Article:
'm reasonably eager to come to work every Monday morning, but this is the first time I've walked up five flights of stairs in the dark and kicked in a door to get to my desk. The vast Dead Zone that Sandy left in its flattened wake the other night included the building in New York City where we produce The Week. At our office, even the front door's electric lock was inoperable without the constant flow of electrons that is modernity's lifeblood. So the magazine's chief financial officer, Kevin Morgan, and I forced the door open by kicking. Then a half dozen editors and our IT guru swarmed over the inert computers, unplugging what we needed. Like ants, we carried monitors and towers and keyboards down the stairs, lighting our way by flashlights. We set it all up in a hotel conference room a block away, on the other side of the blackout line. And then we went to work to produce the magazine's pages. You paid your money; we owed you a magazine.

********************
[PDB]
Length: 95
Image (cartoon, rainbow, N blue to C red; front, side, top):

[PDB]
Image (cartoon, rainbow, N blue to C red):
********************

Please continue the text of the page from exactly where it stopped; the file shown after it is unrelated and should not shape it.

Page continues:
This was duty, not heroism. The heroes were wading through the swollen rivers that were once streets, air-lifting people off roofs, pulling trees off houses and power lines, and untangling the chaos throughout the Northeast. The chaos was staggering in its scope — a reminder of how quickly what we consider "normal life" can be overturned, smashed, submerged. At night, on the edge of the blackout zone in Manhattan, the dividing line was starkly visible: Uptown, civilization's spires sparkled with their usual brave light, as sullen clouds swirled above. Turn the other way: The canyons were silent, brooding, defeated. A great darkness had swallowed it all.
— William Falk
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